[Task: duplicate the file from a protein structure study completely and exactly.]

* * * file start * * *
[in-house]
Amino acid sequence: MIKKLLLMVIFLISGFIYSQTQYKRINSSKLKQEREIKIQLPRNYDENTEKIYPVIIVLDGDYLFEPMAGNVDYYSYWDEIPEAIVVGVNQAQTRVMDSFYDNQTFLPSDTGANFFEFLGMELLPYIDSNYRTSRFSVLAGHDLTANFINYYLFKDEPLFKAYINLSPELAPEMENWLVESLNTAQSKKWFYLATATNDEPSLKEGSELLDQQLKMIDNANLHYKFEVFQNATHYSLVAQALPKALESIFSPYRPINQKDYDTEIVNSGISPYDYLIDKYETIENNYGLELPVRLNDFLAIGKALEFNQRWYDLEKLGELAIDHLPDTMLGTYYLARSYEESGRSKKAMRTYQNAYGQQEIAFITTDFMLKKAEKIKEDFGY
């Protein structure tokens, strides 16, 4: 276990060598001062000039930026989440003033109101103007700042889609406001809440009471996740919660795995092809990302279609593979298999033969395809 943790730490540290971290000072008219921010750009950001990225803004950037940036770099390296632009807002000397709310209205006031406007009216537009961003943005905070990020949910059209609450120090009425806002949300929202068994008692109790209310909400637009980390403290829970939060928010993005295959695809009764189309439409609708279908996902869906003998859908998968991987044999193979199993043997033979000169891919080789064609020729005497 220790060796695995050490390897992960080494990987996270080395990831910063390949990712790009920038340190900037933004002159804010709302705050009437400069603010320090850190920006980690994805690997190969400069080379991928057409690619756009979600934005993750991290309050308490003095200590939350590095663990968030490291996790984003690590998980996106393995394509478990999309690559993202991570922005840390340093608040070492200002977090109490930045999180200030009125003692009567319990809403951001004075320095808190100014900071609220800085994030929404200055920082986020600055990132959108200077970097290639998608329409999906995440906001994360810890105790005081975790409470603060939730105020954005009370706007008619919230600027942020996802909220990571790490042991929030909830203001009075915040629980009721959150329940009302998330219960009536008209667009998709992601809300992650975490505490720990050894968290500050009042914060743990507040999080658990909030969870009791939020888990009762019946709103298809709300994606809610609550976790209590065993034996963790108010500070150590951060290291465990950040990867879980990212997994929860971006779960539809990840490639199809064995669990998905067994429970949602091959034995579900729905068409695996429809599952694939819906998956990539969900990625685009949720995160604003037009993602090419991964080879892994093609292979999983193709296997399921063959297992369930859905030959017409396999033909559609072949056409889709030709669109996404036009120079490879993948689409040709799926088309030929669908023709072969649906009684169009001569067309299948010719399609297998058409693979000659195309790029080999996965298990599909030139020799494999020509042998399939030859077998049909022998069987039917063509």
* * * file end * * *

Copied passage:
[in-house]
Amino acid sequence: MIKKLLLMVIFLISGFIYSQTQYKRINSSKLKQEREIKIQLPRNYDENTEKIYPVIIVLDGDYLFEPMAGNVDYYSYWDEIPEAIVVGVNQAQTRVMDSFYDNQTFLPSDTGANFFEFLGMELLPYIDSNYRTSRFSVLAGHDLTANFINYYLFKDEPLFKAYINLSPELAPEMENWLVESLNTAQSKKWFYLATATNDEPSLKEGSELLDQQLKMIDNANLHYKFEVFQNATHYSLVAQALPKALESIFSPYRPINQKDYDTEIVNSGISPYDYLIDKYETIENNYGLELPVRLNDFLAIGKALEFNQRWYDLEKLGELAIDHLPDTMLGTYYLARSYEESGRSKKAMRTYQNAYGQQEIAFITTDFMLKKAEKIKEDFGY
């Protein structure tokens, strides 16, 4: 276990060598001062000039930026989440003033109101103007700042889609406001809440009471996740919660795995092809990302279609593979298999033969395809 943790730490540290971290000072008219921010750009950001990225803004950037940036770099390296632009807002000397709310209205006031406007009216537009961003943005905070990020949910059209609450120090009425806002949300929202068994008692109790209310909400637009980390403290829970939060928010993005295959695809009764189309439409609708279908996902869906003998859908998968991987044999193979199993043997033979000169891919080789064609020729005497 220790060796695995050490390897992960080494990987996270080395990831910063390949990712790009920038340190900037933004002159804010709302705050009437400069603010320090850190920006980690994805690997190969400069080379991928057409690619756009979600934005993750991290309050308490003095200590939350590095663990968030490291996790984003690590998980996106393995394509478990999309690559993202991570922005840390340093608040070492200002977090109490930045999180200030009125003692009567319990809403951001004075320095808190100014900071609220800085994030929404200055920082986020600055990132959108200077970097290639998608329409999906995440906001994360810890105790005081975790409470603060939730105020954005009370706007008619919230600027942020996802909220990571790490042991929030909830203001009075915040629980009721959150329940009302998330219960009536008209667009998709992601809300992650975490505490720990050894968290500050009042914060743990507040999080658990909030969870009791939020888990009762019946709103298809709300994606809610609550976790209590065993034996963790108010500070150590951060290291465990950040990867879980990212997994929860971006779960539809990840490639199809064995669990998905067994429970949602091959034995579900729905068409695996429809599952694939819906998956990539969900990625685009949720995160604003037009993602090419991964080879892994093609292979999983193709296997399921063959297992369930859905030959017409396999033909559609072949056409889709030709669109996404036009120079490879993948689409040709799926088309030929669908023709072969649906009684169009001569067309299948010719399609297998058409693979000659195309790029080999996965298990599909030139020799494999020509042998399939030859077998049909022998069987039917063509």